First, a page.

Once a visit has been made to a parish with an established atrium, it will be important to introduce The Catechesis of the Good Shepherd to parents and the larger community of your parish. One way this could be done is to host a “Seed Planting Workshop” in which a CGS formation leader or experienced CGS catechist is invited to introduce The Catechesis of the Good Shepherd. Another way could be to offer a book study using one of the texts about Catechesis of the Good Shepherd such as The Religious Potential of the Child by Sofia Cavalletti, Listening to God with Children by Gianna Gobbi or The Good Shepherd and the Child by Sofia Cavalletti, et al. with interested parents and other parishioners. With the encouragement of the parish staff, some may choose to take CGS Level I Formation and become catechists; others may want to assist the catechist in preparing the room that will become the atrium; and there will be others whose skills in carpentry, painting, sewing, calligraphy, or sculpting figures out of clay or resin can be helpful in building the atrium and making materials.
Creating an Atrium
Ideally, the parish provides a room dedicated solely for the atrium. An atrium space can be adapted to almost any size although thought will need to be given to the number of children who can attend at a time, especially if the space is very small.
We seek to help children enjoy a relationship with God and in doing so we ask, “What kind of environment can we create that will respect and cultivate the child’s needs and capacities at this level of their development, especially in terms of their spiritual development?”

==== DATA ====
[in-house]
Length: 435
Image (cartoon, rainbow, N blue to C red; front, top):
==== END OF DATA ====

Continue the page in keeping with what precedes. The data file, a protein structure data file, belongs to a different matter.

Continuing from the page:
So we think of creating a sacred space that is accessible to the child so the child can function independently and enjoy freedom of movement.
The environment is called an atrium. It is not a classroom. As Sofia Cavalletti has written, “It is not a place of religious instruction, but of religious life.” It is a sacred space in which the child is initiated into the life of the Church and needs to be the work of the whole church.
Setting up an atrium in a space that needs to be shared with other ministries and in which the atrium materials need to be set up and taken down before and after each session can be a challenge due to the many atrium materials. However, it can be done with the dedication of a few volunteers. Often atria begin in this manner, but then gradually, as space is located for the atrium, it is beneficial for adults and for the children to have dedicated space.
As the vision for The Catechesis of the Good Shepherd grows with the parish and the children at the different atrium levels, if space is large enough, it may be used for the next level atrium with materials added for the children of the second level to attend a session. This is another way the same atrium space could be multi-purpose. Ideally, it is best to envision one atrium environment established for Level I (for three to six-year-old children), in a few years then establish a second space for the Level II atrium (for six to nine-year-old children) and if the vision continues for all three levels of the Catechesis of the Good Shepherd, then a third space for the Level III atrium (for nine to twelve year old children).
The Level I atrium environment will consist of several key areas of materials for the children according to the themes introduced to the children. There is an area for Prayer, Introduction to the Life of the Church, Biblical Geography, Messianic Prophecies and Infancy Narratives, the Kingdom Parables, the Paschal Mystery, The Good Shepherd, Baptism, Eucharist, Practical Life, and materials for art expression.